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Homily - 19th Sunday in Ordinary Time - Bishop McKeown


Firstly, if we think that we have understood who Jesus is, we haven't. Jesus uses unsettling language about who he is and how we should model our lives on his. The God whom Jesus reveals cannot be tamed or confined to easily digestible language. God is not made in our image and likeness. He wants us to be remade in the image of the divine. And we always prefer to resist that call to leave behind the comfortable slavery of our own personal Egypt. Low expectations mean little disappointment. The Jesus who is the Bread of Life asks us today to step out into the desert. We will follow him by setting out into the unknown, not by seeking reassurance and comfort.

What we think good enough is, by far, not good enough for Jesus. If we want to allow Christ to remake the Church in this country, we have to believe that the journey through the desert is a blessed time, a time of remaking, not a time of punishment. And that we can trust that he can nourish us in the desert – as Elijah discovered

The synodal pathway in the Irish Church is not merely some patronising move by the clergy to let lay people have more say. If that is all we can imagine, then we become merely a faith-light debating room where the learned and the articulate vie for prominence. Any synodal pathway is based on letting the Holy Spirit have its say and its sway. That will mean giving prominence to voice of the gentle, the poor in spirit, those who mourn, those who hunger and thirst for what is right – for theirs is the Kingdom of heaven. A synodal pathway which is not powered by the Bread of life will starve to death in a desert of their own making. If we think we know where God ought to be leading us, we will end up worshipping our own golden calf. The longer we think we know best, the longer we will wander in the wilderness as God tries to teach us who is Lord of the future.

Secondly, at the Last Supper, after taking the bread, Jesus gives thanks. The core of our Eucharistic prayer at Mass is giving God thanks and praise. Even though the Last Supper took place on the eve of his death, Jesus gave thanks to the Father. Mary's response to her vocation was to proclaim the greatness of God. St Paul told the Thessalonians that they should give thanks in everything (1 Thess 5:18). As a Eucharistic people we gather here give thanks that Jesus has offered himself – in the words of St Paul – in our place as a fragrant offering to God. It is the death and resurrection of Jesus that helps us make sense of the pain of being human. Jesus did not come to wave a magic wand and remove suffering. He came to carry the cross so that we could face our own calvaries and come through them to resurrection. Jesus offers us his broken body so that we might live for ever. That is a challenging belief, and we struggle to take it seriously. But that is the mystery we celebrate in the Mass. But for the mystery of the cross, we give God thanks and praise.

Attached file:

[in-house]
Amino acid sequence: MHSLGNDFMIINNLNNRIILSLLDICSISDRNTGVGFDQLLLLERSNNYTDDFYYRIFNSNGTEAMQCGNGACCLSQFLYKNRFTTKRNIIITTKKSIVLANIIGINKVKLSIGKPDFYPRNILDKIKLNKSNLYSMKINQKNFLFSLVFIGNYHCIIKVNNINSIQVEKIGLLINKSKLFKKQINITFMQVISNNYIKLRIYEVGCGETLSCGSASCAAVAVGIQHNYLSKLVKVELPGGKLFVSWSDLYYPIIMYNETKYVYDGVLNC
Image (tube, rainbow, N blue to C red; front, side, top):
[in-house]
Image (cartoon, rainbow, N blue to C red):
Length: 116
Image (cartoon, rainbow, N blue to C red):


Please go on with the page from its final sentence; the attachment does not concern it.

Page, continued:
Thirdly, Jesus tells the crowd that they will have to be formed if they wish to understand God's ways. He tells us that we will have to be taught by God and learn from the teaching of the Father. Christian prayer is not merely coming to God when we want something to fulfil our plans. Ultimately, Jesus revealed in prayer, scripture and the sacraments is where we are taught by God. The Church has to rediscover how to communicate not just religious information but divine formation and transformation. Reception of the Eucharist is not merely the receiving of a static Christ in the form of a host. Participation in the Eucharist means daring to let the whole Christ remake all of who we are.

St Paul talks about those who hold on to grudges and anger. They are trapped in their own slavery in Egypt and too paralysed to leave that behind. Paul talks about that as grieving the Holy Spirit who knows that we can be freed. The acid of anger contains no nourishment. That is why our Mass begins with a penitential rite and why the liturgy has room for offering one another a sign of peace. If we want to share in the journey of liberation, we have to be prepared to leave behind the very real pain of the past. Jesus offers us an eternal future, not a permanent hell. If we are fed by the bread of life, broken for us, the broken pieces of our lives are not the defining characteristic of who we are. Jesus offers us resurrection and not a never-ending Calvary.

For the next two weeks, we will continue to journey with Jesus who talks about eating his flesh and drinking his blood. He will not apologise for his strong, demanding teaching. He will focus on breaking and sharing – not on hoarding and hiding. If we can allow Jesus to be the bread of life and the food of eternal life, then we can face the future with confidence. If we trust only in our own plans and ideas, we are too wedded to the past. And a Jesus-centred Eucharistic people has room for old wise heads but most of all for those who are young at heart and who dare to believe in God's dream. We will be renewed when we allow such young prophetic voices to be heard. In every age of the church, Christ spoke loudly when uncomfortable human voices have asked outrageous divine questions. The Bread of Life wants to inspire hungry young hearts. Jesus knows where he wants to lead us. He just asks us to listen through prayer and the sacraments. In the noise of our current culture, he gathers us each week so that we can hear and become good news for our time. 

Are we prepared to listen and to journey with Jesus?

+ Donal McKeown

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